The Tax Compliance War: Why KRA Is Not Being Genuine, Case of SportPesa

By Juma / July 16, 2019 | 10:01 am



Ukur Yattani

In the recent few days, the airwaves have been ruled by the government’s decision to refuse to renew operational permits and the suspension of 27 betting firms in Kenya.

In a move that got investors in the sector with a surprise, the government went ahead to order telecommunications companies to suspend the Paybill numbers assigned to these betting firms.

The suspension of the Paybill numbers totally delinked the firms from their customers. Customers could neither deposit nor make withdrawals from their accounts.

As the theatrics by the government continue, no one has stopped to ask and question whether the accusations leveled against some of the betting firms are true. The government seems to be selling the idea of the betting firms being “evil” to capitalize on the emotions of Kenyans.

What is happening against betting firms, according to me is what can be termed as “mob justice” constructed on ideas meant to elicit emotions without even an iota of truth.

They say that numbers don’t lie. When the numbers are wrong, they will be wrong and if the numbers are correct, they will display the correctness in them. In the case of the betting firms, the numbers released by the government do not add up.

It is estimated that the betting sector in Kenya is worth 200 billion shillings and that it is estimated to hit the 500-billion-shilling mark by the year 2050.

The government seems to have turned the above to mean that the betting firms made 200 billion shillings in 2018. The government also says that all the betting firms combined paid only 4 billion shillings in taxes. This is not true.

At one point, they said that SportPesa made 100 billion shillings in 2018. This is not true. The truth is SportPesa made 20 billion shillings in revenues in 2018. The net profits stood at 9 billion shillings and paid 6.4 billion shillings in taxes.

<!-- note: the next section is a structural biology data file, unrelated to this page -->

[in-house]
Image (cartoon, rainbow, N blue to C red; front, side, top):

Where did the government get the 4 billion shillings figure for all betting firms if SportPesa alone paid 6.4 billion shillings? As I said, the numbers don’t add up.

I find it hypocritical for the Kenya Revenue Authority (KRA) to accuse SportPesa of not being tax compliance when for three years in a row, in 2016, 2017 and 2018 KRA honored SportPesa as the top taxpayer in compliance.

What happened? Why did KRA honor SportPesa for being tax compliant if indeed it was not? In fact, the latest award from KRA was in March 2018. Again, things are not adding up and something fishy seems to be cooking.

Read:

Preview of the Betting Sector

SportPesa the most popular online platform in Kenya with 82 percent percent of gamblers subscribing to it, followed by Betin at 40 percent, Elitebet at 22 percent, Betika at 12 percent, Mcheza at 12 percent, and Betpawa at 10 percent.

Kenyan youths bet the most with 79 percent of bets placed on football matches.

The mobile phone has become the most convenient tool for those gambling. 75 percent of those who bet do so using their mobile phones with Kenya having the highest number of mobile usages for gambling at 96 percent.

The success of this booming industry is also evidenced by the advertising spend of top betting companies.

In 2018, out of the top spenders in advertising in the media, 3 of the top spenders were from the betting and gambling sector, with Tatua being the highest spender at 5.36 billion shillings, followed by Lotto at 4.59 billion shillings and Shabiki at 3.16 billion shillings.





About Juma

Juma is an enthusiastic journalist who believes that journalism has power to change the world either negatively or positively depending on how one uses it.(020) 528 0222 or Email: [email protected]

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